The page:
The Acting Secretary of State to the Embassy in Costa Rica
A–276. Reference is made to Embassy’s despatch No. 312, October 23, 1947 regarding suspension of the Costa Rican Fishery Decree promulgated in the Official Gazette on September 27, 1947, with particular reference to the last three paragraphs.
[Here follow data concerning planned purse seine tuna operations by American companies off the coast of Costa Rica.][Page 603]
At the moment the Department does not anticipate entering into fishery treaty discussions with Costa Rica. It would appear unlikely that Dr. Kask can take an active part on any treaty discussions since he is now serving as part-time consultant to the Department on the Northwest Atlantic Treaty Program and therefore would not be available to serve the Costa Rican Government until his service with the Department is terminated. Dr. Kask has agreed to serve with the Department until early spring, at which time he will accept the position as full-time permanent Chief Biologist to the Fisheries Division of the Food and Agriculture Organization.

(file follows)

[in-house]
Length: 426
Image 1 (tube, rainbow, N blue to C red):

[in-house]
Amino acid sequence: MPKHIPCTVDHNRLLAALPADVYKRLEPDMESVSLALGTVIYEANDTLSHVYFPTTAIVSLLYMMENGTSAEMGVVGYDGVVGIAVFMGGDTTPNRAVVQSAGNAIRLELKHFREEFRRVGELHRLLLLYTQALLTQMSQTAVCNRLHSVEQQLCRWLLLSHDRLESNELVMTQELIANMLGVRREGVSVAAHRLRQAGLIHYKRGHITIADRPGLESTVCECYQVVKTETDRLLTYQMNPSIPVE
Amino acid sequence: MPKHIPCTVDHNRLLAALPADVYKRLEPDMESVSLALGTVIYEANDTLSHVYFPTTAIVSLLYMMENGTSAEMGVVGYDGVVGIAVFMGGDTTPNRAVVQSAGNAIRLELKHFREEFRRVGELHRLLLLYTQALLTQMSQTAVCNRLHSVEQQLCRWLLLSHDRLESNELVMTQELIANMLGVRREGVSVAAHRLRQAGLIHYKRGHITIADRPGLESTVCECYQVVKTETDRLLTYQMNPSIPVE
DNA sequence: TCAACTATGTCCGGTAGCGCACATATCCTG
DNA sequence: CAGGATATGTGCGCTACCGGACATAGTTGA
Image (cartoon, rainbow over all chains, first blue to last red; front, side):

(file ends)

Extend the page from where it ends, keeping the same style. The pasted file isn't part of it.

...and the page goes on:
The thinking of the Department on the general question of fisheries relations between this Government and the Government of Costa Rica is along the following lines. While it is recognized that the appearance of American purse seiners off the coast or in the ports of Costa Rica may cause the controversy to be renewed, there appears a possibility that the Costa Rican Government will, under existing law and without further representations from the Embassy, permit the purse seiners to enter Costa Rican ports for supplies and for the transfer of fish and to make it possible for them to fish for tuna outside the territorial waters of Costa Rica. If the Govt of Costa Rica should grant such permission, it is probable that there would be no impediment to effective purse seine operation, and further discussion at this time between the Embassy and the officials of Costa Rica on these matters would be obviated. It seems appropriate that since the Embassy has made clear the views of this Govt on fisheries problems in Costa Rica, this Govt should avoid any further involvement in these policy questions so long as there is not actual undue interference with American commercial operations. However, should the American vessels find it difficult or impossible to carry on their operations, or should a change in circumstances warrant, it may be necessary for the Dept to request the Embassy to bring the matter again to the attention of the Government of Costa Rica. In the meantime the Embassy should, of course, extend the usual and normal courtesies to the American operators.